By Omobayo Azeez
Low registration for Nigeria’s top level domain name, .ng, is responsible for loss of money to foreign economies by the Nigeria state, Business A.M has gathered.
This notion persists even has Nigerian identity on the internet, .ng, rose by 18 per cent year-on-year to hit 149,508 as at the end of September this year.
A country’s code top level domain (ccTLD) name is a country’s identity in the cyberspace and for Nigeria, this is the .ng and websites that bear the ccTLD indicate that they originate from Nigeria.
Figures released by the Nigeria Internet Registration Association (NiRA), the custodian of the .ng domain, showed the country recorded 22,802 new registration of the .ng in the last one year, which increased the figure from 126,706 recorded as at September 2018.
This increase notwithstanding, Nigeria remains one of the lowest registrations for the country code Top Level Domain (ccTLD) in the world.
Commenting on the latest figure, Muhammed Rudman, NiRA President, bewailed the low adoption of the indigenous internet identity, stressing that the numbers were supposed to have climbed higher, giving the huge number of websites and internet users in the country.
Experts have observed that as Nigerians’ preference for foreign domain names, especially, the United States’ .com persists, the indigenous .ng continues to suffer low patronage and this, in effect amounts to capital flight for the economy.
This has been described as the bane of the .ng, thus denying the country huge revenue from the national resource on yearly basis.
Reports show that Germany, for instance, has sold 20 million of its ccTLD .de and, according to global prices, each is sold for at least $100.
Also, Tokelau, a tiny Island with a population of about 1,400 people, is said to have sold 21 million units of its ccTLD, .tk, and that alone is seen is the economic mainstay of the island.
Other top leading countries on the ccTLD chart, according to Statista, are China’s .cn domain with 13.89 million registrations, United Kingdom’s .uk with 11.84 million, Russian Federation’s .ru with 7.41 million users and Netherlands’ .nl that have 4.37 million websites carrying its identity on the internet.
Some Nigerians have ascribed the challenge of low adoption to high prices required to obtain domain names in Nigeria.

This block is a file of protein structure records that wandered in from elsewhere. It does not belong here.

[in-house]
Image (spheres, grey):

Checks show that a cheap domain .ng registration is sold at N11,000 while premium names go for as high as N1 million, compared to the US’s .com which can be registered for as low as N2,000.
Rudman however told our correspondent in a telephone conversation on Friday that the bottleneck confronting adoption of .ng transcends pricing.
He said, “The problem is not all about pricing. It is also about awareness, trust for the brand and changing peoples’ mindset to appreciate our own identity in the internet space.
“You know what choice a lot of Nigerians would make in the market when they see a foreign product and a homemade one. Most people will likely go for the foreign one and that is what is happening.”
Rudman further stated that the board of internet registrars in the country is working towards scaling down Nigerians’ apathy towards .ng uptake to curb the persistent capital flight this causes for the economy.
He said; “The board is definitely going to discuss at the end of this year to strategise and identify the bottlenecks and all the roadblocks preventing from achieving the numbers.
“We have to recognize all the reasons and find solutions and find partners to collaborate with to ensure that we push .ng further across Nigeria.”
According to Rudman, the Internet Corporation for Assigned Names and Numbers (ICANN) assigns to each country and territory, a country code top level domain.
He said “the .ng Registry is dynamic. As an organisation, NiRA is determined to continue to respond to the specific challenges of the DNS Industry in Nigeria, while striving to ensure compliance with international best practices.”
He further highlighted benefits attached to operating .ng websites to include security, as the Nigerian .ng will prevent Nigerian sites from being regulated by foreign laws; prevent capita flight, engender better speed; guarantees brand protection, and ease local targeting and search engine optimization (SEO), among others.
Frontpage February 24, 2020
Frontpage September 9, 2019